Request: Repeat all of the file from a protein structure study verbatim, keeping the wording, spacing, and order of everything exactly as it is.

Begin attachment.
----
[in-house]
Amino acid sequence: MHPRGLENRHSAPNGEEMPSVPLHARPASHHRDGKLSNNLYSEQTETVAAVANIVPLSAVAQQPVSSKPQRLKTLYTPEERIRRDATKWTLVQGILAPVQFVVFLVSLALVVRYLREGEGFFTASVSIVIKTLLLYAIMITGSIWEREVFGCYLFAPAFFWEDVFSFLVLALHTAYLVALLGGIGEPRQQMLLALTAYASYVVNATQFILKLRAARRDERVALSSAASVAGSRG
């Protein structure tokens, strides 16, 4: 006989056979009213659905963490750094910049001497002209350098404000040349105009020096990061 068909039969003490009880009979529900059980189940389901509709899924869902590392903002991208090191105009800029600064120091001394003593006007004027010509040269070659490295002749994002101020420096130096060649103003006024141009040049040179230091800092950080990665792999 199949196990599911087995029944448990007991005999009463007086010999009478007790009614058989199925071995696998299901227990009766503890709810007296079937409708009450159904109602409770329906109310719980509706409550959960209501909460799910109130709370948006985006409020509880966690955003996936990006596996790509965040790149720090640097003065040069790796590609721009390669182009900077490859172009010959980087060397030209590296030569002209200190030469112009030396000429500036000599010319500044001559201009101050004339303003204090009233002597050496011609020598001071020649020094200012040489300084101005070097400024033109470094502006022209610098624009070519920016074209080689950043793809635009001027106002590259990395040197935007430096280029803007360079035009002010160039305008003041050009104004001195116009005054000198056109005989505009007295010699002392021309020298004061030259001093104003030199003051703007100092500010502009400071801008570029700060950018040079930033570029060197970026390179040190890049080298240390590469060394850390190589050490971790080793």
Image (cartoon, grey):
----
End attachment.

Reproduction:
[in-house]
Amino acid sequence: MHPRGLENRHSAPNGEEMPSVPLHARPASHHRDGKLSNNLYSEQTETVAAVANIVPLSAVAQQPVSSKPQRLKTLYTPEERIRRDATKWTLVQGILAPVQFVVFLVSLALVVRYLREGEGFFTASVSIVIKTLLLYAIMITGSIWEREVFGCYLFAPAFFWEDVFSFLVLALHTAYLVALLGGIGEPRQQMLLALTAYASYVVNATQFILKLRAARRDERVALSSAASVAGSRG
């Protein structure tokens, strides 16, 4: 006989056979009213659905963490750094910049001497002209350098404000040349105009020096990061 068909039969003490009880009979529900059980189940389901509709899924869902590392903002991208090191105009800029600064120091001394003593006007004027010509040269070659490295002749994002101020420096130096060649103003006024141009040049040179230091800092950080990665792999 199949196990599911087995029944448990007991005999009463007086010999009478007790009614058989199925071995696998299901227990009766503890709810007296079937409708009450159904109602409770329906109310719980509706409550959960209501909460799910109130709370948006985006409020509880966690955003996936990006596996790509965040790149720090640097003065040069790796590609721009390669182009900077490859172009010959980087060397030209590296030569002209200190030469112009030396000429500036000599010319500044001559201009101050004339303003204090009233002597050496011609020598001071020649020094200012040489300084101005070097400024033109470094502006022209610098624009070519920016074209080689950043793809635009001027106002590259990395040197935007430096280029803007360079035009002010160039305008003041050009104004001195116009005054000198056109005989505009007295010699002392021309020298004061030259001093104003030199003051703007100092500010502009400071801008570029700060950018040079930033570029060197970026390179040190890049080298240390590469060394850390190589050490971790080793």
Image (cartoon, grey):